I'm thinking if the "common good" argument did not win them, an appeal to their own self-interest would.

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    Sounds good - I don't like to "threaten" with downvotes though, like "If you don't roll back to my edit, I'll downvote your question because I think it is unclear as you posted it". Can you give an example of how you would phrase a comment that would lead OP to believe your edit is better than theirs? – CodeCaster Nov 5 '15 at 13:29
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    I don't threaten them with downvotes. Nor do I say that they're more likely to get downvotes if the question is not edited (which I think would generally not be a true statement anyway). I just say that the edited question is more likely to get upvotes because more people will find it useful. If you are asking for an example of a question I edited where I had to say that, I'm afraid I can't bring one up. I don't do such edits very often so I'd have to search my history pretty thoroughly to find one. – Louis Nov 5 '15 at 13:32
  • I meant a comment, see edited comment. :) – CodeCaster Nov 5 '15 at 13:33
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    I don't have a template for such comments (so no canonical example to plunk in here). I explain that what I removed was not actually part of the problem and that its presence would put off people searching for a solution but for whom the unnecessary bit does not apply and then I explain the "greater chance of being read -> greater chance of being useful -> upvotes" dynamic. – Louis Nov 5 '15 at 13:43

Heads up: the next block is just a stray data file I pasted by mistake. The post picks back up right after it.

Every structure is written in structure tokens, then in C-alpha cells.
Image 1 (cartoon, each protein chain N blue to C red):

• Alright, thanks for that. I hope "Try to persuade OP of your view by commenting" is not the only answer I'm going to get, because that usually fails for me. – CodeCaster Nov 5 '15 at 14:21
  • The point here is not "try to persuade the OP", which presumably you're already doing, so much as "appeal to their own self-interest". There is no indication in your question that you were appealing to their self-interest. – Louis Nov 5 '15 at 14:25
  • Yeah sure, but that still comes down to "Post a comment and hope they don't roll back / hope they agree with your edit". I'm looking for an alternative. – CodeCaster Nov 5 '15 at 14:33
  • @CodeCaster There is no alternative. The OP holds a binding vote on edit rejections and can edit/rollback without approval, unless you're trying to suggest something about that changes. – Kevin B Nov 5 '15 at 23:39